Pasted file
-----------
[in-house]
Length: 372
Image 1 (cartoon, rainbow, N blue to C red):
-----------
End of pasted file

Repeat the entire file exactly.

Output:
[in-house]
Length: 372
Image 1 (cartoon, rainbow, N blue to C red):